Japanese business presence in Africa has steadily increased in the past 10 years. Official figures estimate that in 2017, 795 Japanese corporations were operating in the continent, up 7.7% from 738 in 2016

 

The 2018 Ministerial Meeting of the Tokyo International Conference on African Development (TICAD) began informally on Friday 5 October during a high-level thematic side event organized by the Japanese Ministry of Foreign Affairs, the Japanese External Trade Organization (JETRO), and the United Nations Development Programme (UNDP).

During the 3-hour dialogue titledLeveraging Business Opportunities: A Call for Japanese Business Sector’, representatives of the African and Japanese private sector shared insights on how to better leverage business prospects in Africa.

In attendance were H.E. Mr. Masahisa Sato, Japan’s State Minister for Foreign Affairs;  Ms. Ahunna Eziakonwa, UNDP Assistant Administrator and Regional Director for Africa; H.E. Mr. Estifanos Afeworki Ambassador of Eritrea, Dean of  the African Diplomatic Corps in Japan;  Dr. Kouassi N’guettia, Director of Economic Affairs, African Union Commission; Ms. Bajabulile Swazi Tshabalala Vice President of the African Development Bank; Toshitake Kurosawa Director of the World Bank, IFC Tokyo Office and Ayodele Odusola, Chief Economist UNDP Africa

“Deepening strategic partnership between African and Japanese businesses to provide development solutions to the challenges pose by the SDGs will not only help achieve the objectives of TICAD but also help accelerate the achievement of the SDGs and Agenda 2063” added said Ms. Ahunna Eziakonwa declared as she delivered the event’s opening remarks.

Japanese business presence in Africa has steadily increased in the past 10 years. Official figures estimate that in 2017, 795 Japanese corporations were operating in the continent, up 7.7% from 738 in 2016.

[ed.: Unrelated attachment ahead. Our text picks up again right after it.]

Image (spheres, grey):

In a panel moderated by UNDP Africa Chief Economist Ayodele Odusola, participants discussed the private sector’s reticence to invest in one the fastest growing regions in the world and urged them to consider the potentially high level of returns. It is estimated that between 2006 and 2011, Africa had the highest rates of return on inflows of Foreign Direct Investment – 11.4% compared to 7.1% globally.

Panelists indicated that the key drivers of growth in Africa such as agriculture, infrastructure (e.g. electricity, rail, roads, irrigation facilities and logistics), ICT and banking and finance were those very sectors were Japanese business had a comparative edge.

Participants hailed export processing zones, industrial clusters, merger and acquisitions, joint venture with local corporations, and public private partnership (PPP) as standard avenues for engagement and urged Japanese banking sector to take bolder steps to join the fray.

The side event is the part of discussion series on the private sector engagement tiled "Japan-Africa Business Dialogue: Looking Ahead to TICAD 7."

The two-day TICAD Ministerial Meeting begins officially on Saturday 6 October 2018 in Tokyo under the joint aegis of the Japanese Ministry of Foreign Affairs and UNDP. Since its inception in 1993, TICAD has evolved into a major forum on African development, attracting 14,000 participants at TICAD 6 in August 2016 in Nairobi, Kenya. The next TICAD Conference, TICAD 7, will take place in Yokohama, Japan, in August 2019.

Contact information:
In TokyoChika Kondoh, TICAD Partnership Specialist or UNDP Representation Office in Tokyo

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